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Yvonne Brewster and 'Bella's Gate Boy'
published: Sunday | January 5, 2003

- Contributed
Yvonne Brewster surrounded by the cast and crew of Bella's Gate Boy.

Tanya Batson, Staff Reporter

TO SPEAK to Yvonne Brewster is to get swept up in an effusive personality that has had sufficient experience to overwhelm you with tales. The Jamaican-born citizen of the stage is currently credited as a respected and established director in Britain's theatre community.

Currently residing in Britain, Brewster is back on the island directing another noted Jamaican, Trevor Rhone. The two are working on Rhone's autobiography Bella's Gate Boy, which opened at the Barn Theatre on New Year's Eve.

The one-man play does not mark Brewster's first return to Jamaica. She first left for Britain in 1956 to study voice, speech and mime at the Rose Bruford College and the Royal Academy of Music. Since then, she has spent many stretches in the United Kingdom. Even so, Jamaica has also benefited from her work. Brewster has worked with local films such as Smile Orange and The Harder They Come, on which she was the production manager.

Bella's Gate Boy will also feature Alwin Scott alternating with Rhone.

Interestingly, The Barn Theatre is simply another mark in the long on and off relationship between Brewster and Rhone. The Barn, Brewster explained, was once her father's garage. The theatre, located on Oxford Road, was created by Rhone and Brewster.

Having worked in theatre, television, film and radio, Brewster feels very satisfied about her career. "I've been extremely lucky," she said. "I haven't been rich, but money isn't every thing. I've never really done anything I wasn't very happy with."

This does not mean, however, that she is drowning in a sea of self-congratulatory pomposity. Brewster argues that when one becomes self-satisfied they eventually become boring. She has directed numerous productions worldwide, including Nanny of the Maroons in New York, The Importance of Being Earnest in Ireland and The Lover in Florence, Italy. Added to that, she has received the Order of the British Empire, The Living Legend Award (from the NBT Festival, United States) and several others, but still says "In your heart you know that anything you do could have been better."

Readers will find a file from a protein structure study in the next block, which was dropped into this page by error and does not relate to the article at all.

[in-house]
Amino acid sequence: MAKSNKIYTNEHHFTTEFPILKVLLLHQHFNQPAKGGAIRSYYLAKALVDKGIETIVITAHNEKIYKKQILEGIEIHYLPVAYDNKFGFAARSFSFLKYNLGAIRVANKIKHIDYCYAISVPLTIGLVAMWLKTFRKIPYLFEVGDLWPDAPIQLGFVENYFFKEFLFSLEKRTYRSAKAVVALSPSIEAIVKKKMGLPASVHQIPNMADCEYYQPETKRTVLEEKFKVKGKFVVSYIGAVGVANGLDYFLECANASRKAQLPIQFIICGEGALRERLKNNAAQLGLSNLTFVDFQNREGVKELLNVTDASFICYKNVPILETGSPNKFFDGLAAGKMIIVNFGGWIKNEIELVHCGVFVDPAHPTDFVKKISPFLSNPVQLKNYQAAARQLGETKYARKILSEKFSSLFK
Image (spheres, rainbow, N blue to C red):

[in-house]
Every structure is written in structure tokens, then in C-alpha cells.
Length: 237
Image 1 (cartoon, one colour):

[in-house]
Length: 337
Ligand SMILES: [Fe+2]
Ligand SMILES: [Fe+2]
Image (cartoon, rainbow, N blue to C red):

For this reason, she believes that in the world of theatre one fails more than they succeed.

Recognising that failure is a part of the script she has chosen, Brewster explains that she has learnt to deal with criticism. She notes that there are two kinds of critics. "I had to learn to really just listen to everybody and nobody," she says. "But primarily in this business (theatre) you have to listen to yourself, and if that fails you..."

She notes that even though she may learn from those who have legitimate grouses with her work she cannot say that the criticism does not hurt. "I'm not a bull-nosed terrier," she explains.

Nonetheless, according to Brewster, what she is looking for is work that can challenge her ingenuity. The woman who has staged productions at the Cork Opera Theatre and in an ordinary bathroom (the production was aptly titled The Loo) wants to push the barrier. She explains that theatre is about the 'suspension of disbelief'. She explains: "It's about holding the mirror up to life and if you don't hold it up all you see is yourself really small."

In the case of Bella's Gate Boy, the mirror is being held up to Trevor Rhone's life. "I'm not sure anyone will be interested in seeing it, but they will be missing something interesting (if they do not see it)," she said of the production.

Brewster noted that the two actors she works with in this production, Scott and Rhone, are very different. She described the production as 'dangerous territory' in part, because though their paths have often crossed she has not worked much with Rhone.

Additionally, she notes that though he is a trained actor he has not been on the stage in many, many years, which makes him a very different actor from one who practices their craft daily.

Scott is such an actor. Incidentally, Brewster's history with Scott also goes way back. She notes that she first cast the actor for a BBC version of My Father Son-Son Johnson when he was only 12 years old.

Due to the differences in the two men, Brewster believes that each actor will create a very different product in Bella's Gate Boy.

However the production may fare on the local scene, Brewster is intent on challenging her horizons. Currently, she has a production also set to start playing in the United Kingdom and she also intends to direct Tennessee Williams' Sunday Last Summer in the United States later this year.

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